For the first time DFS Deutsche Flugsicherung will be presenting the Mode S Interrogator Code Conflict Alerter (MICCA) at ATC Global 2012 from 6 to 8 March on stand H208.
This solution makes it possible to detect and display problems in connection with Mode S target acquisition. MICCA fulfils the requirements of the European Commission concerning the identification of interrogator code conflicts laid down in Article 7 of Regulation 262/2009. In addition, DFS will be presenting inhouse developments such as the meteorological data display system METFROG and the DFS training simulators with new functionalities.
The DFS application MICCA detects incorrect, delayed and missing mode S target acquisitions which occur, for example, in connection with interrogator code conflicts. Such conflicts arise when two Mode S sensors with overlapping coverage areas use the same interrogator code for data interrogation. As a consequence, aircraft might not be detected by at least one of the Mode S systems in the overlapping area.
To identify target acquisition problems, the application continually processes the live radar data from up to 32 Mode S radar stations. Firstly, MICCA analyses the position where a Mode S target is detected for the first time. A target acquisition problem exists, when an aircraft is not detected immediately upon entering the relevant coverage area by a radar station and is thus delayed. Secondly, the application checks whether aircraft are not detected by one of the radar stations in the overlapping coverage area of several sensors. If the number of target acquisition problems of a radar station exceeds a predetermined threshold value within a fixed time window, MICCA will generate both optical and acoustic alert signals.
The graphical software Gnuplot used for MICCA makes it possible to generate a real-time display of target acquisition problems. It is possible, for example, to display the number of target acquisition problems for each sensor on a time axis. In addition, it is possible to display the exact positions of delayed or missing target acquisitions by the different radar stations. In this way, system monitoring can simultaneously overview the number of events of all radar stations, and can quickly identify affected sensors, analyse target acquisition problems and initiate countermeasures.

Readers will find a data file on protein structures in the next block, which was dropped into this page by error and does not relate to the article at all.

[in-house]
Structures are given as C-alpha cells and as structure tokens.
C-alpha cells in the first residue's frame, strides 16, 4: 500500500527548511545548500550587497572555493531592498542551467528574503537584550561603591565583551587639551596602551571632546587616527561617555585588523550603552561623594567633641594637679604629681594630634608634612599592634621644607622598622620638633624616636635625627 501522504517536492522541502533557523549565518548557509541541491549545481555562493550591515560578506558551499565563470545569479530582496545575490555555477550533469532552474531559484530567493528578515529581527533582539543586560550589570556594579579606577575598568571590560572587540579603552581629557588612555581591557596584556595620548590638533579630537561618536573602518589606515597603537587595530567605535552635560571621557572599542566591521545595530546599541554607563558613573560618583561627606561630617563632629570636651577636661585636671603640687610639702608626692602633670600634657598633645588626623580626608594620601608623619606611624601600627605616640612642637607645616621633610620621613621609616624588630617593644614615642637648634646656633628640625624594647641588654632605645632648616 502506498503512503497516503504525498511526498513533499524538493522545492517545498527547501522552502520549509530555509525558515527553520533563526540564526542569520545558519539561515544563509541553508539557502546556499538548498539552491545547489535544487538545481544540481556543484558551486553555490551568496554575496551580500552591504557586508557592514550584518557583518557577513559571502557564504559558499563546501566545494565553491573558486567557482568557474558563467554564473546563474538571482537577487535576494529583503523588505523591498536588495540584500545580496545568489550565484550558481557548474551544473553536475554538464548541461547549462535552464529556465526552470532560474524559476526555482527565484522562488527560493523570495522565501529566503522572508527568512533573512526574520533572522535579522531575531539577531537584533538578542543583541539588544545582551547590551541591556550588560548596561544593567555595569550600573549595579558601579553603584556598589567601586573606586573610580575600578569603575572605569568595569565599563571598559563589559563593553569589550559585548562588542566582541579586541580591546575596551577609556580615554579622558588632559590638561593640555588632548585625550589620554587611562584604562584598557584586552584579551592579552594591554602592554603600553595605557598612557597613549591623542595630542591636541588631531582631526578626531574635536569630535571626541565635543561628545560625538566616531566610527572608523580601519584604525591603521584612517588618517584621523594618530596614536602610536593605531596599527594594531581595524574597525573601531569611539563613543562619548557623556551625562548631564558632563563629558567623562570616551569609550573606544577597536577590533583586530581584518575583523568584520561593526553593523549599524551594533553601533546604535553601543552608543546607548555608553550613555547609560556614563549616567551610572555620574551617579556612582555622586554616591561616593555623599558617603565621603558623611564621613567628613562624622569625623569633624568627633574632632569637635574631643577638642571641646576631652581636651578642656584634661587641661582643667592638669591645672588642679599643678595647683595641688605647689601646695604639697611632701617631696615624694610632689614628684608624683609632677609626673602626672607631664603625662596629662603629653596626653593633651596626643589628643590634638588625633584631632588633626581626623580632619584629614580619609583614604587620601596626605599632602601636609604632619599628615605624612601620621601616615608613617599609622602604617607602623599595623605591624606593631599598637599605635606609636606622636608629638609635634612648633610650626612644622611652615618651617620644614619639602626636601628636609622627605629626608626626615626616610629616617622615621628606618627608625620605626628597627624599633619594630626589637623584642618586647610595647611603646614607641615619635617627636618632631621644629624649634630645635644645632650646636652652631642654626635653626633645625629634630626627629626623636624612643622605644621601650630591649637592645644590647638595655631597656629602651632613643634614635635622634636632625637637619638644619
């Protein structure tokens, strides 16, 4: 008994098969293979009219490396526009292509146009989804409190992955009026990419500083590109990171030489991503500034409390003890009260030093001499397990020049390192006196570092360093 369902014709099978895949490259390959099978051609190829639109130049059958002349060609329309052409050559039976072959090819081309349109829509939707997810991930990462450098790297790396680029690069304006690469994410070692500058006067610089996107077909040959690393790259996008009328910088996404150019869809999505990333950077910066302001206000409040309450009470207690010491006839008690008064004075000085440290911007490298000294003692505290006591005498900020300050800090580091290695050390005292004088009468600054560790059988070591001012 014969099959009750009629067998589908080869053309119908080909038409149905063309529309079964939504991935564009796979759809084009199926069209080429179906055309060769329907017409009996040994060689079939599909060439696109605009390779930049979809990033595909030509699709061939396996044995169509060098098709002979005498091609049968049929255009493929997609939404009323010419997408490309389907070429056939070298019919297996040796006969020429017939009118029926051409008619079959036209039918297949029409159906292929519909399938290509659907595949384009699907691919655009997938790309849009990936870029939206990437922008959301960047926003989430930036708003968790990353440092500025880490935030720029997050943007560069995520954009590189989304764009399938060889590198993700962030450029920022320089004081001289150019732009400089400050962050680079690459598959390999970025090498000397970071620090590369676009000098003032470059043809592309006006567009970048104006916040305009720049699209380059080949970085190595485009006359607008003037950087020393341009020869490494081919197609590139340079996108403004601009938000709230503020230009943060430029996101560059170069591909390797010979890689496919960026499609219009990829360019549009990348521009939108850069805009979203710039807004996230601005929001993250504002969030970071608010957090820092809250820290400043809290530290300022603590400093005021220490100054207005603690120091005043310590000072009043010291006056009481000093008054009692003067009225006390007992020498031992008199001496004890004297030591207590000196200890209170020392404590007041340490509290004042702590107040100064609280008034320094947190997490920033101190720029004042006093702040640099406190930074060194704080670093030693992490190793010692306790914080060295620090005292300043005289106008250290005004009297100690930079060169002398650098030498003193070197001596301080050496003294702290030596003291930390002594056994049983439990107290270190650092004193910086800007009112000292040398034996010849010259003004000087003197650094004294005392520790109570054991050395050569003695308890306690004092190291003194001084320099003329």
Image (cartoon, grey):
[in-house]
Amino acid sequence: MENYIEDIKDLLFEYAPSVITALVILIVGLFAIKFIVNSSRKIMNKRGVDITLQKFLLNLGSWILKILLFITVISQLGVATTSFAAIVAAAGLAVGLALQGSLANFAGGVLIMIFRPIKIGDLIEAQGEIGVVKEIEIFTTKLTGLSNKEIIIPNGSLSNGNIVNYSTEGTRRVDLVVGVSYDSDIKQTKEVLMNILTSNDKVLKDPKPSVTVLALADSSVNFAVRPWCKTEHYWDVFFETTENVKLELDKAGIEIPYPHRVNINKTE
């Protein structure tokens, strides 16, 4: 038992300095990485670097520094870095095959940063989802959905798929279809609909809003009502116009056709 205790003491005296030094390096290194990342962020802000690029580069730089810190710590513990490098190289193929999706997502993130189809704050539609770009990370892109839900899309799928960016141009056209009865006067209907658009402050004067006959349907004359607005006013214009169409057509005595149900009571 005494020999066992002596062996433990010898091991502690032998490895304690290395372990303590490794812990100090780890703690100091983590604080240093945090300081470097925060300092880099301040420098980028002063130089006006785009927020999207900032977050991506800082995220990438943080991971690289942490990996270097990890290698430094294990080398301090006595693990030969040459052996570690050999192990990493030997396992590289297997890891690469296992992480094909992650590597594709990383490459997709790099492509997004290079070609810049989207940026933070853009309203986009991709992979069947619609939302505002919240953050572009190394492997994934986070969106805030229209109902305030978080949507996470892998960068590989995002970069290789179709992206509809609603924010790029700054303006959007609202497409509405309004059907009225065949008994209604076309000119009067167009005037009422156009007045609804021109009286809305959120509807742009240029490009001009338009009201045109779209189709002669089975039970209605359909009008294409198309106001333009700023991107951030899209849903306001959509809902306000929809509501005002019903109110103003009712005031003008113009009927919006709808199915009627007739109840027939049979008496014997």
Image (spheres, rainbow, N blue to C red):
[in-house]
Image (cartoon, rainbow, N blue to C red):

In addition, DFS will be presenting inhouse solutions with new functionalities at its stand. The weather data display system METFROG can display current, future and past weather situations, together with information tailored to the relevant controller working position such as sector boundaries. The display of the stored weather data supports, among other things, the analysis of meteorological conditions in connection with incident investigations.
On the DFS training simulators for en-route, approach and aerodrome control, it is now possible to control exercises from outside via a tablet. In this way, the training supervisor can directly monitor the controllers during the exercises and intervene in the training scenario as required.
The DFS stand also hosts the ATM system ‘SkyManager’ developed together with Skysoft-ATM and SITA as well as the satellite-based tracking system ‘spidertracks.’ Meanwhile, DFS is officially responsible for the sale of ‘spidertracks’ in Europe.
Visitors can also learn more about the satellite-based precision approach system ground-based augmentation system (GBAS) which has received the German type certification as a primary landing system from the Federal Supervisory Authority for Air Navigation Services (BAF) this month. At Bremen airport, DFS Deutsche Flugsicherung will be the first air navigation service provider in the world to operate GBAS for CAT I precision approaches for regular air services.